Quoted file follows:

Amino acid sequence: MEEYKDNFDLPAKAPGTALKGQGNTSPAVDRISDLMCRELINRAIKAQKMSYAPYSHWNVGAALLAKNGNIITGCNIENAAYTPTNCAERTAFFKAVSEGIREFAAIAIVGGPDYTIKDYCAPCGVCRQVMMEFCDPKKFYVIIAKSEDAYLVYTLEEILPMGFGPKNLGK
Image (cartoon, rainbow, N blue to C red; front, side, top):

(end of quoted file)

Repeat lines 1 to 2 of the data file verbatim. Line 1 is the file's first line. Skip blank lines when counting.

Amino acid sequence: MEEYKDNFDLPAKAPGTALKGQGNTSPAVDRISDLMCRELINRAIKAQKMSYAPYSHWNVGAALLAKNGNIITGCNIENAAYTPTNCAERTAFFKAVSEGIREFAAIAIVGGPDYTIKDYCAPCGVCRQVMMEFCDPKKFYVIIAKSEDAYLVYTLEEILPMGFGPKNLGK
Image (cartoon, rainbow, N blue to C red; front, side, top):